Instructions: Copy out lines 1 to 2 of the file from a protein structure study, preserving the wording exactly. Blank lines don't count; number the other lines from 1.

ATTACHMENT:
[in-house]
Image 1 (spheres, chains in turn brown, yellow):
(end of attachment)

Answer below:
[in-house]
Image 1 (spheres, chains in turn brown, yellow):